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Japan's Institute of Cetacean Research on Friday filed briefs in the U.S. District Court in Seattle stating its intent to resume whale hunting in the Southern Ocean as early as fiscal 2015.
The move immediately faced strong opposition from conservation group Sea Shepherd as it came less than two weeks after the International Court of Justice ordered Japan on March 31 to stop its so-called research whaling in the ocean.
The Japanese government plans to resume whale hunting as soon as the fiscal year starting April 2015 by changing its research program, such as reducing the number of whales to be taken.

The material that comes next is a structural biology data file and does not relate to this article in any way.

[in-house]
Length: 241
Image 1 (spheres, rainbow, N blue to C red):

The ICR has said that the new program will not run counter to the ICJ ruling.
The ICR and Sea Shepherd have been locked in a legal dispute in the United States, with the institute seeking an end to the antiwhaling group's interference in its hunt.
"The statement that Japan issued that they would comply with the ICJ ruling was I believe insincere," said Sea Shepherd founder Paul Watson.
"Japan has a history of duplicity with regard to whaling. I fully expect that Sea Shepherd Global will be prepared to return to the Southern Ocean in December 2015 to once again defend the integrity of the Southern Ocean Whale Sanctuary," Watson said.
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